On improving and diversifying crop varieties and seed systems (CST 64 sept), the US proposed text calling for investment and effective, transparent and science-based regulatory systems.
On promoting sustainable use and conservation of genetic resources for food and agriculture (CST 64 oct), the US, CANADA and NEW ZEALAND proposed deleting reference to access and benefit sharing.
On implementing the Committee on Food Security (CFS) Voluntary Guidelines on the responsible governance of tenure of land, fisheries and forests (CST 64 non), JAPAN, supported by SWITZERLAND, proposed text on supporting the promotion of the Principles for Responsible Agricultural Investment. AUSTRALIA, NEW ZEALAND and the G-77/CHINA reserved on this text. The US opposed this insertion at this time, noting the Principles are not yet agreed.
On volatility of commodity prices (CST 65), AUSTRALIA, with the US, asked to delete text on market speculation, saying it should not be singled out as a contributing factor. CANADA suggested text on science-based trade regulation to avoid trade disruptions. The G-77/CHINA asked to retain its original proposals on price volatility (65 alt and 65 ter) and unsustainable consumption patterns in lifestyles in developed countries (65 alt bis).
Chair Kim noted no CST for information, education and extension services and use of appropriate technologies for sustainable agriculture. The G-77/CHINA asked to retain its original proposals on access to traditional seed supply systems (66 ter) and on developing countries intensifying agricultural production (66 quat).
Water: The G-77/CHINA asked to retain their proposals from the compilation text on water and sanitation as a human right (67 alt bis) and on increased support to developing country efforts to accelerate progress towards water access and management (67 bis).
On drinking water and sanitation commitments (CST pre 67), the US suggested referring to “safe” rather than “clean” drinking water.
On adopting measures to, inter alia, increase water efficiency, reduce pollution and promote wastewater treatment (CST 68), SWITZERLAND proposed, and the G-77/CHINA opposed, adding reference to tools, such as the water footprint or payment of ecosystem services.
On addressing water scarcity and improving water quality (CST 69), the EU, inter alia, added text on new commitments on reducing water pollution, increasing water efficiency and promoting the use of nonconventional water resources. TURKEY proposed text referencing floods, droughts and water infrastructure. The G-77/CHINA asked to delete this paragraph.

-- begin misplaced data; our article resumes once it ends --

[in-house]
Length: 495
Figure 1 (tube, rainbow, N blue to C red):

Energy: On access to sustainable energy services (CST pre 70), the EU, supported by the REPUBLIC OF KOREA, proposed text on considering energy efficiency at all levels of society. The G-77/CHINA, supported by BELARUS, suggested replacing “reaffirm support for” with “commit to mobilize resources.” NORWAY, with ICELAND, proposed adding reference to services “that benefit both women and men’s energy needs.”
On the Sustainable Energy for All Initiative and energy-related goals (CST 70), AUSTRALIA, with the RUSSIAN FEDERATION, supported “aspirational” goals. The G-77/CHINA proposed deleting this paragraph.
On elimination of fossil fuel subsidies (CST 70 bis), the G-77/CHINA, with the RUSSIAN FEDERATION and BELARUS, suggested deleting this paragraph. JAPAN, supported by SWITZERLAND, proposed replacing “elimination of” with “rationalization and phasing out over the medium term.” The EU proposed language calling for the rationalization and phasing out of environmentally or economically harmful subsidies, including for fossil fuels. Discussions continued in the evening on energy, as well as on, inter alia, harmony with nature and cities.
WORKING GROUP 2
SECTION I: PREAMBLE/STAGE SETTING: WG2 completed a second reading of the preamble. On heads of states and government resolving to work together (CST 1), delegations agreed ad referendum to this paragraph, which mentions, inter alia, high-level representatives and the full participation of civil society.
On freeing humanity from poverty, hunger and inequality (CST 2), the EU proposed modifying the text to “reduce” inequality. The G-77/CHINA said it could not accept this language.